The City Reflections Project was born in the summer of 2011 during a visit to Portland, Oregon and grew to include nine other cities by the summer of 2016. It began as I was wandering through the streets of the downtown with my camera and, for reasons I cannot explain, I became consciously aware of the incredibly beautiful abstract patterns reflected in the windows. As I began to photograph these images, I found myself composing what appeared to be paintings. My initial awareness turned into an excitement and a passion for exploring more opportunities to capture this abstract art. I started to associate the way metal and glass, like structure and openness, represent the tension between elements in modern architecture. While the metal framework demands conformity, the glass reflections appear to explode almost in defiance of this structure and, in the end, seem to transcend their captors.
I see the reconfigurations of reality in the windows of The City Reflections Project as a metaphor for how we interpret what we see, how we experience our interactions, and how we make sense of what is in front of us. While we can look directly at the world we can never truly see it. Without intention reality is inevitably distorted through the lens of our personal histories, much as light on a windowpane deforms the objects it reflects. Even with our distortions there are elements of reality most of us could agree on and this is why fragments of objects (a fluorescent light shining in a window, a car parked on a rooftop garage, or a rivet driven into steel) appear in these dream-like images to illustrate the dichotomy between truth and illusion.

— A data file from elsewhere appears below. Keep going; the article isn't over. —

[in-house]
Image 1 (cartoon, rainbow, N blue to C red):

The City Reflections Project, through its imagery of colors, shapes and patterns, represents the way we place discordant pieces of our lives in proximity to each other, deconstruct the whole of an experience, embellish, elaborate and abstract the simple, plain and ordinary truth that is life.